Jones and Prophitt, along with fellow LGBTQ supporters Sean Ellis and Ben Nicoara were so encouraged by the warm welcome they began looking for a way to bring in more LGBTQ fans into the fold. They co-founded and became members of “All-Stripes”, a supporters group made for the growing number of LGBTQ Atlanta United fans.
While a welcoming fan base and supportive club helped the LGBTQ fan community and All Stripes grow — the group currently has 300 members on its Facebook page — there were missteps from the fans and club along the way, starting with the first game in team history. From small sections of the sold-out crowd of over 50,000 a chant broke out. Each time New York Red Bulls’ keeper Luis Robles took a goal kick the noise would rise as he ran up to the ball before exploding into a shout of “PUTO!” as his foot made contact. It seemed to get bigger as the game went on. For many unfamiliar with the chant, it seemed like just another part of Atlanta’s soccer culture. The fans --some unwittingly joining in -- were calling Robles a homophobic slur.
“The first game I remember hearing the “puto” chants. I remember feeling really frustrated by that because I knew that we’re better than that. I didn’t want that to become a habit for us as a fan base,” All-Stripes founding member Ben Nicoara said.
Fortunately, the habit didn’t stick.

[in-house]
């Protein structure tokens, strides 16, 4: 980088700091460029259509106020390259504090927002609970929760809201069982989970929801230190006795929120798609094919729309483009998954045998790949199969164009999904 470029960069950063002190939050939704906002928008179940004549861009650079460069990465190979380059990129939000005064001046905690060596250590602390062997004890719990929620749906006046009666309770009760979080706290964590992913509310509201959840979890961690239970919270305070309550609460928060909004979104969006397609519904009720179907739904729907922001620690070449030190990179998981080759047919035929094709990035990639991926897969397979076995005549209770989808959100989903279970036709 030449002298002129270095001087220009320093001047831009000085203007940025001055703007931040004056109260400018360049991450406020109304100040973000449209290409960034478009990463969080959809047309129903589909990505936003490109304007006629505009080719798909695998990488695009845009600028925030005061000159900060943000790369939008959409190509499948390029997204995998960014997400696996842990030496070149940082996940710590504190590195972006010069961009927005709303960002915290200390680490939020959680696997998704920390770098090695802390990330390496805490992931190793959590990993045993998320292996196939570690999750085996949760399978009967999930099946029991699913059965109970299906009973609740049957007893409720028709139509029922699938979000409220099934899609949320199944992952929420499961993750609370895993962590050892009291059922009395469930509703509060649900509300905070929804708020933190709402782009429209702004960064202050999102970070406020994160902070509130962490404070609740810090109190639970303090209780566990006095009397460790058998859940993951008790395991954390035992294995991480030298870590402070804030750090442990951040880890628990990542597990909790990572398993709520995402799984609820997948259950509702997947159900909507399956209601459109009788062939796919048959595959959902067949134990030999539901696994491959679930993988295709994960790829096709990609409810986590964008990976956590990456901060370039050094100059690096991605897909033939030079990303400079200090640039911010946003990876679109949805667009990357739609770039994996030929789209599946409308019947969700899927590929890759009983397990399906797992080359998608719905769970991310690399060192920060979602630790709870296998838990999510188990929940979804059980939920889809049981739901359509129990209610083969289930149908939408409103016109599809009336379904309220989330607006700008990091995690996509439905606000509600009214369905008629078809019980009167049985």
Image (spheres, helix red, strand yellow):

The team released a statement saying: “Atlanta United does not support or condone the use of offensive language. We strive to foster a positive, enthusiastic and inclusive environment for all fans, and inappropriate chants have no place at our matches. Fans found to be participating in this behavior will be subject to removal from the building.”
While there were concerns that the written statement wouldn’t be enough — Chicago Fire general manager Nelson Rodriguez took the step of personally addressing fans before a match in 2016 — the fan base responded and began vocally shouting down any fans or groups attempting to use the chant.
Later in the season, fans held an unofficial LGBTQ Pride Night on the June 24 match against Colorado and the club showed solidarity by giving Michael Parkhurst a unique captain’s armband for the occasion.
We are UNITED pic.twitter.com/5ntfWqHHjw— Atlanta United FC (@ATLUTD) June 24, 2017
However, the team never took the extra step of hosting an official Pride Night in 2017.